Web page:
Two-time Academy Award-winning actor Jessica Lange—whose recent projects include American Horror Story and The Politician—is also an accomplished photographer. Although Lange, now 70, left her hometown in northern Minnesota at age 18, her affection for the region has endured and is the subject of a new book of photography, Highway 61. Lange’s collection of over 80 tritone photographs captures the diversity of experience along the route, ranging from families at carnivals in Wisconsin to boys playing basketball in Mississippi with long stretches of clear road in between.
TIME spoke to Lange about Highway 61, the loneliness of taking pictures and how photography and acting influence one another.
TIME: This is your third book of photography. What sets it apart from the others?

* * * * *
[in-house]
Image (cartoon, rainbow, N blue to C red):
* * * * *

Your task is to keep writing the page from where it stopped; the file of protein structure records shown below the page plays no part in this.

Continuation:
Lange: It’s the first time I had worked this way, with an idea and a result in mind. I wanted to record as much of the 1,400 miles between the beginning of Highway 61 and the end of Highway 61 as I could. I was looking for things, and it was much more deliberate.
In the book, you write about feelings of loneliness at visiting parts of that scenic route. Why did that come up for you?
I think I’ve always been extremely sensitive to loneliness. I was a lonely child. It has been one of the main conditions of life. And I feel it there. I see it in the empty storefronts and the boarded-up buildings and the abandoned farms and the barns that have collapsed. It feels as though something has gone missing. I left when small towns were still very vibrant and vital. Over the ensuing decades, the industry, the mills and factories, like most of rural America, have disappeared. But that’s not to say it’s a ghost-ridden highway.
In Highway 61 you quote French essayist …read more
Source:: Time – Entertainment